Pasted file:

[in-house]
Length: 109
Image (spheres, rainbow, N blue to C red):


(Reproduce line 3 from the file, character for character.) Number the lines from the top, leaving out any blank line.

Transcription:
Image (spheres, rainbow, N blue to C red):